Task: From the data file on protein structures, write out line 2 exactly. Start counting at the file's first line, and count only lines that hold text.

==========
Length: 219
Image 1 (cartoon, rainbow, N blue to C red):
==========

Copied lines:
Image 1 (cartoon, rainbow, N blue to C red):